This year, I finally got my hand on the infamous Arc’teryx Stinger Bib Pant. After wearing these for over 30 days, it makes me wonder: why doesn’t every single skier on the mountain wear bib pants? Whether you’re skiing inbounds, out of bounds, or simply rocking the dance floor at the après, they’re just meant to suit your mountain lifestyle, whatever it is.

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Our review of this product
The pros are:

  • Minimalist yet very functional
  • Clever features for inbound and out of bound usage
  • Extremely durable (the instep patches are the bomb)
The cons are:

  • The suspenders can be a hassle to set up at first
Photo captured by Jérôme Guay – @jerome.guay


I need to admit; I was a little bit surprised when I first put on the bib. The reason for that being how low the coverage actually was on the upper part of the pant. From the previous bib I owned, I was just not used to it. After a few days, I quickly realized that there is actually no need to have high coverage. With that being said, you may wonder, with such minimal coverage, the air is going to get in, so what’s the point? What about the features?

Arc’teryx has always been known to put the emphasis on essential features and minimalist design which is just about what they did with the Stinger pant. With high coverage also comes more material and less breathability which is the opposite of what you’d want when you’re out on the slopes.

Arc’teryx also implemented a tighter waist fit to limit airflow entrance. I personally like to wear my Arc’teryx Covert Hoodie underneath to keep me warm throughout the day, and I don’t feel too restricted in my movements. The bib also features handy pockets to store your goodies (I personally use them for bars and ski straps).


Convenient and reliable. This is how I would describe the different features on the Stinger Bib. Pockets on the thighs are big enough to carry your necessities and they are strategically located so it’s not uncomfortable to carry around your phone, wallet and keys when you bomb down the hill.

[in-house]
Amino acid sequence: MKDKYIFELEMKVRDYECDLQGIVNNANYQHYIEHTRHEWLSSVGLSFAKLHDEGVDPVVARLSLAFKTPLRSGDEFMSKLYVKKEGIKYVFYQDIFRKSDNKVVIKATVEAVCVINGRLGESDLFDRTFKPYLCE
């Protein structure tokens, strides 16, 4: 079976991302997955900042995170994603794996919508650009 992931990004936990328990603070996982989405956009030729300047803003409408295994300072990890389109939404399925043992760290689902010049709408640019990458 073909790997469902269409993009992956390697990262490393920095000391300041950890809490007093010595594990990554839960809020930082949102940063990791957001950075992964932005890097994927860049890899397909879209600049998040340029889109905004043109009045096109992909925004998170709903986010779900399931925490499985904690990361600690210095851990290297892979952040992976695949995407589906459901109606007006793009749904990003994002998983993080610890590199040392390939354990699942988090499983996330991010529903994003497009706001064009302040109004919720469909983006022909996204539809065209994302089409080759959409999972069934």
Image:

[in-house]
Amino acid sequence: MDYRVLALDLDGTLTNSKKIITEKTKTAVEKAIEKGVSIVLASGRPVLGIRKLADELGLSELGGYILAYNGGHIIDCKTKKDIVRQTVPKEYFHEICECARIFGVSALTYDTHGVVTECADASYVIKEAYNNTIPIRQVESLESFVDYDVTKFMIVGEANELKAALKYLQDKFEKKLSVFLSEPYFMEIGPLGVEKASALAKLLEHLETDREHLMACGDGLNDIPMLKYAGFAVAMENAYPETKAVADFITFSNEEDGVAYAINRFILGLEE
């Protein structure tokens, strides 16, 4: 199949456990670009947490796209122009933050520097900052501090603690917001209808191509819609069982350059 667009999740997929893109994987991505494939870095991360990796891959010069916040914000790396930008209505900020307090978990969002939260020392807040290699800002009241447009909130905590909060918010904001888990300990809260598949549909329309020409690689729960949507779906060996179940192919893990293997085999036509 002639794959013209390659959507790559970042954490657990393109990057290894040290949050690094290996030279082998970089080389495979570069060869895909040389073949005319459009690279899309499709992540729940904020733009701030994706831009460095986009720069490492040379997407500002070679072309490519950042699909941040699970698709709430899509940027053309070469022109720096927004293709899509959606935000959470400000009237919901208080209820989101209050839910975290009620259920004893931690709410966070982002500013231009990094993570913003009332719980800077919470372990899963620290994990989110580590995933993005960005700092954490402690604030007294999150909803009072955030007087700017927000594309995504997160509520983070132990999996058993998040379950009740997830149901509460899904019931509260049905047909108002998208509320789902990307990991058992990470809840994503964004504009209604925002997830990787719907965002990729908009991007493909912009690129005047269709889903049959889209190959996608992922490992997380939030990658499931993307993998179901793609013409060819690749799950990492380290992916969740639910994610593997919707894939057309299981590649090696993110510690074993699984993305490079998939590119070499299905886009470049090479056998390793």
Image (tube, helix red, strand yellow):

Something else Arc’teryx did incredibly well with this pant is the Drop Seat feature which is a game changer when it comes down to do your business in the backcountry… especially when you’re out winter camping. Trust me. The side ventilation features two WaterTight™ zippers, one to open the vents and the other one to lower the top portion of your bib without having to loosen your suspenders. Extremely clever.

Last year, I was wearing the Arc’teryx Stinger pant, which is just about the same pant, just without the suspenders, so I was already familiar with the Keprotec Instep patches. Whether you are Carving on ice fields, bootpacking gnarly couloirs with crampons or dancing the night away at the après, I found The Arc’teryx Keprotec™ instep patches to be amongst some of the most resistant I have tested. The Gore-Tex Pro 3L fabric featuring DWR (Durable Water Repellent) also proved itself to be extremely efficient even in the harshest weather.

Overall Opinion

Overall, I’m incredibly stoked about my Arc’teryx Stinger Bib. Everything you need, nothing superfluous. It’s a minimalist yet extremely functional pair of snow pants. It is made to go through the harshest weather without being too bulky and compromising the nice handy features that Arc’teryx is known for.

*Cover photo captured by Jérôme Guay – @jerome.guay

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